Harlow Carr is no longer the Royal Horticulture Society’s only northern garden, and not the biggest, but has the benefit of an extra 70 years or so of continuous cultivation. Highlights for me include wonderful collections of primula and meconopsis, typically in flower around mid June to early July. The collections mingle in naturalistic drifts, their bold colours sparkling like jewels in their stream-side setting. Continue reading “RHS Harlow Carr: Candelabra Primulas, Blue Poppies And Other Treasures”
A Mandevilla vine in full flower, draped around an American-style mailbox seemed to be the essence of Florida. I was captivated by the sight. We have neither the mailboxes nor the climate for growing the vines outdoors in Lancashire.
My first picture gives a little context, including a glimpse of three birdhouses on pillars at the foot of the trees. Continue reading “Plants to Grow on a Mailbox: Mandevilla (Rocktrumpet)”
Greenwood Cemetery has one of the best collections of cemetery roses in America. While the roses are pruned, they are never watered other than by rain. I’m offering this celebration of Greenwood Cemetery’s roses largely without commentary so you can enjoy them in peace. Continue reading “Gallery of Roses in Greenwood Cemetery, Jackson, MS”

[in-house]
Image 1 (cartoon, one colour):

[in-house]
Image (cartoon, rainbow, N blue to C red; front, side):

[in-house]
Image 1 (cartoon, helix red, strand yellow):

Most articles online about drooping roses are geared towards fixing a problem. Cures suggested for a drooping rose include:
- Watering it more (assuming the rose is wilting)
- Watering it less (assuming its roots are staying wet and rotting)
- Feeding it (assuming the plant is lacking some elements)
- Feeding it less (assuming persistent elements have built up too much in the soil, or that the canes are outgrowing their strength)
- Staking, growing against an obelisk or training as a climber in the case of vigorous roses
- Hard pruning
- Diagnosing it with one of several rose diseases, then treating the problem
- Leaving it be (assuming that the canes will strengthen enough to support heavier flowers from the third year on).
It’s not hard to see how gardeners might get confused. Continue reading “Droopy Roses: The Ones That Nod”
If you saw yesterday’s post, you might react to today’s snapdragons with some of the bewilderment I felt. Continue reading “What Happened Next (a Bit of a Rant)”
A bed of tulips underplanted with snapdragons, themselves underplanted by pansies, offered a subject too colourful to resist. Continue reading “Tulips, Snapdragons and Pansies”